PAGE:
Article Text


Endoscopy II
PTU-240 Improving outcomes of endoscopic retrograde cholangio-pancreatography with the use of new techniques in a district general hospital setting
  1. N Owen,
  2. B Macfarlane,
  3. A King,
  4. A Leahy
  1. Department of Gastroenterology, West Hertfordshire Hospitals NHS Trust, Watford, UK


Introduction Outcomes of endoscopic retrograde cholangio-pancreatography (ERCP) performed at West Hertfordshire Hospital NHS Trust (WHHT) in 2007 and 2011 were compared. The 2011 data followed introduction of the techniques of wire-guided cannulation and balloon sphincteroplasty. Outcomes measured included successful biliary cannulation on first ever ERCP, the use of precut, successful stenting of strictures, stone extraction and post ERCP pancreatitis rates. The number of referrals to a tertiary centre due to failed ERCP in both years was also calculated. The outcomes were compared with national data from the BSG ERCP audit of 2007.1

Methods Local data were obtained from all ERCP performed at WHHT in the years 2007 and 2011. Success of cannulation, precut use, successful stenting and stone extraction was collected from electronic ERCP reports. Post ERCP pancreatitis rates were obtained by confirming hyperamylasaemia post ERCP of at least three times the upper limit of normal requiring admission to hospital or prolongation of planned admission of ≥2 nights, as per the BSG 2007 Audit definitions.1 Similar national outcomes were taken from the BSG 2007 Audit.1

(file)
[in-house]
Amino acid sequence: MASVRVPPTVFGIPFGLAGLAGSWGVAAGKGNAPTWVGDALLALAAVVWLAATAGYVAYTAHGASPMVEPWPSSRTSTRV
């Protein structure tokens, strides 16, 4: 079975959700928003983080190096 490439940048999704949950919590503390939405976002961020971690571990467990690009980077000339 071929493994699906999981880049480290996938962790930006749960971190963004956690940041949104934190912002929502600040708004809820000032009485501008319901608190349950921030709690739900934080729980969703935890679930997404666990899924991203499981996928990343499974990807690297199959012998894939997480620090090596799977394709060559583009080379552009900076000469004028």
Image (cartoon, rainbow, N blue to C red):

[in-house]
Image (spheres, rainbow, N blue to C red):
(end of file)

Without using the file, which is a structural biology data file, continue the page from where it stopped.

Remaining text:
Results Results are summarised below:

A Fisher's exact test was performed to compare data. A statistically significant difference was found between the 2007 and 2011 groups (p value <0.01) when comparing successful stone extraction. Tertiary centre referrals due to failed ERCP fell from 12 in 2007 to 4 in 2011.

Conclusion The introduction of wire-guided cannulation has maintained high success rates of biliary cannulation with a reduction in post ERCP pancreatitis, as observed in previous studies.2 Following adopting the technique of balloon sphincteroplasty there has been a statistically significant improvement in the success of stone extraction. A subsequent reduction in referrals to tertiary centres for failed ERCP has also been observed.

Competing interests None declared.

References 1. Williams EJ, Taylor S, Fairclough P, et al. Are we meeting the standards set for endoscopy? Results of a large-scale prospective survey of endoscopic retrograde cholangio-pancreatograph practice. Gut 2007;56:821–9.

2. Artifon EL, Sakai P, Cunha JE, et al. Guidewire cannulation reduces risk of post-ERCP pancreatitis and facilitates bile duct cannulation. Am J Gastroenterol 2007;102:2147–53.

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